Sub-tropical storm Alberto has made landfall near Laguna Beach, FL late Monday afternoon.
Here are the latest stats as of 5pm Monday:
Now that Alberto has come ashore, the winds will quickly diminish near the storm center tonight and through the day on Tuesday. Heavy rain and localized flooding will continue to be a threat as the system continues to move well inland over the next several days.
You'll notice that the actual center of the storm is expected to track WELL TO THE WEST of Virginia by Tuesday, Wednesday, and Thursday. However, the remnant moisture on the east side of the circulation will only enhance our chances for scattered showers and storms each of these days.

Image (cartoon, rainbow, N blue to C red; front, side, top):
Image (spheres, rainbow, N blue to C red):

Now for a little science!
So, what in the world is a "Subtropical Storm?" From the American Meteorological Society:
has characteristics of both tropical cyclones and mid-latitude (or extratropical) cyclones. Often, these storms have a radius of maximum winds which is farther out than what is observed for purely "tropical" systems.
Many times these subtropical storms transform into true tropical cyclones.
Prior to 2002 subtropical storms were not given names, but the Tropical Prediction Center issued forecasts and warnings on them similar to those for tropical cyclones. Since 2002 they are given names from the tropical cyclone list. Gustav 2002 was the first subtropical storm to be named.
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